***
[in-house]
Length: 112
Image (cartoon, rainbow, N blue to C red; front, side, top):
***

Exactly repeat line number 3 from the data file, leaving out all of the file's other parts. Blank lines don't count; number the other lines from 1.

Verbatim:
Image (cartoon, rainbow, N blue to C red; front, side, top):